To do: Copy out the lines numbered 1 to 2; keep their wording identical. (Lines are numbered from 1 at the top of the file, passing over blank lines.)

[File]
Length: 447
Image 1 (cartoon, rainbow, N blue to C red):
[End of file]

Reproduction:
Length: 447
Image 1 (cartoon, rainbow, N blue to C red):